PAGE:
2 October 2023
by Alex Brinded

Cement 2 Zero project starts trial melting

The first trial melt has begun on a project to develop zero-emissions cement at industrial scale.

A trial melt underway at the Materials Processing Institute © Cement 2 Zero / Materials Processing Institute

Dr Cyrille Dunant at the University of Cambridge, UK, invented the process by discovering that the chemical composition on used cement is vritually idential to that of lime-flux used in conventional electric arc furnaces (EAFs).

By replacing lime-flux with used cement paste for steel recycling, the resulting slag could, in turn, create a zero-emissions cement in a closed-loop process, propose scientists.

The pilot-scale experiments use the flux material with end-of-life recycled cement processed by Day Aggregates and international mining and minerals group LKAB, using scrap steel inputs from CELSA.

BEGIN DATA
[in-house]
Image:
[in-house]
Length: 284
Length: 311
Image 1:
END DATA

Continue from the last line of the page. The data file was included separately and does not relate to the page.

Cement 2 Zero is designed to advance the decarbonisation of the construction, cement and steel sectors by ensuring the process can be scaled up from laboratory to pilot plant.

Partner organisations include the Material Processing Institute, the University of Cambridge, CELSA Steel UK, Atkins, Balfour Beatty, Day Aggregates and Tarmac.

The trial melt uses the MPI's seven-tonne EAF at its Teeside campus.

Three further melts using the furnace are planned, and once trialled, developed and de-risked, a series of further industrial-scale trial melts will be held at CELSA's EAF furnace in Cardiff.

Tarmac is starting to test the new clinker to understand the grinding properties and assess key performance criteria.

Chris McDonald, Chief Executive Officer at the Materials Processing Institute, says, 'The initial trial melt is a critical part of the project and a huge step towards creating a more efficient, environmentally friendly, and resource conscious manufacturing process contributing to the decarbonisation of the construction, cement and steel sectors.'

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Alex Brinded

Staff Writer